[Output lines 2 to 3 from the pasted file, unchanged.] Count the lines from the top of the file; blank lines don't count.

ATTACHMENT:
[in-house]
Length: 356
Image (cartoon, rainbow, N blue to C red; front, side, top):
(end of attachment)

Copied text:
Length: 356
Image (cartoon, rainbow, N blue to C red; front, side, top):